Teaching Philosophy

I am a strong advocate for the process of design. My goal is to produce impassioned designers with a thorough working knowledge of design systems, conceptual applications, and the means for critical and applied design. I believe that teaching design must fundamentally lay the groundwork of formal structure, offering the ultimate power to confidently manipulate every conceptual aspect of form. Scale, rhythm, hierarchy, typography, symmetry, grids, color, sign, and symbol must systematically be applied to an array of visual communication. Educating young designers about the principal functions of design stimulates their success as visual problem-solvers.

In every stage of design education I feel it is necessary for students to write and conduct research. By reinforcing the research process and encouraging the development of students’ critical writing skills help young designers become equipped to defend his/her own design decisions and creatively respond to the work of their peers. Graphic design is bound to the written word, strong language skills allow for a better understanding of hierarchy, structuring content in an appropriate and meaningful context for the intended audience.

Contemporary designers must navigate through technical advancements and new media. It is my view that the act of making must be taught alongside the act of thinking. Design solutions extend beyond mere aesthetics toward cultural development and influence, social responsibility, and personal voice. As the design profession moves forward it has begun to closely resemble the film industry where collaboration is crucial. Collaborative efforts encourage a richness and depth unseen by singular identities. Collaboration can identify pre-existing strengths and encourage new skill sets to develop.
The rules and formal gestures of design remain present in everything we produce. Each of us – through our unique voice and visual aesthetic – has the ability to develop increasingly complex visual solutions that reflect back upon that which we first learned. The concept of design is a process of organization, applicable to anything; chair or poster composition of words and pictures; a single photograph, or time-based interactive motion graphics consisting of a user defined experience.

Our duty – to encourage future designers; enable them to actively contribute to fields of study outside of graphic design. I strongly believe that we need to inform young designers to be highly motivated thinkers capable of creating innovative solutions to unanswered questions that are simultaneously familiar with the historical time-line of design, and aesthetically foreign all the same.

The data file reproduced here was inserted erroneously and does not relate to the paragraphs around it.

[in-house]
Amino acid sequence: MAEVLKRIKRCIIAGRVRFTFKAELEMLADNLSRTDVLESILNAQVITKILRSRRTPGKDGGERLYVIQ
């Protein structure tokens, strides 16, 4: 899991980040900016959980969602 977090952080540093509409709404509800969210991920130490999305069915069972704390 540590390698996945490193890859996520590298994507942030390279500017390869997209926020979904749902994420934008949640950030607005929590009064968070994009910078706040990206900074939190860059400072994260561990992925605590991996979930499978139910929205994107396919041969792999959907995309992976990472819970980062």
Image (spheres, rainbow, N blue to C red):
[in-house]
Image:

My teaching methodology blends traditional design practices with theory and historical reference, placing them in contemporary modules of expression. A comprehensive design project must combine technical aspects with form, function, audience awareness, and aesthetics. Graphic design basics must translate to comprehensive decision-making. Students must be taught and encouraged to confidently build and develop physical solutions to abstract concepts. Competent manipulation of text and image can be taught through hands-on physical exercises. Students must be taught to seamlessly convey intent through innovative production methods, whether it is meant for print, web, new media explorations, alternative and green material usage, animation, or sound.

Recently the graphic design community has discussed the expanding pedagogy in the discipline of design. Recent years has shown a paradigm shift from strict visual solutions towards idea based – strategic business solutions. A secondary shift consists of the increased need for media neutrality. The design entrepreneur has become an idea and project generator, able to react and create content, media solutions, new products, and services. Future training must adapt to reinforce and encourage these new demands and opportunities. Design education must evolve to a collaborative educational environment, able to cross media boundaries, taking design out of cloistered academia and unite resources with other departments and other institutions.

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Teaching Philosophy [download]
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This web•log is an ongoing collection of the creative work(s) by John P Corrigan and a combined portfolio consisting of: graphic design / typography / type design / art / curation / writing / publications / research + photography.

With over 170 [+-] Posts, covering 47 [+-] Categories of edited material, please use the 'INDEX' categories listing below to discover all of the archived material.

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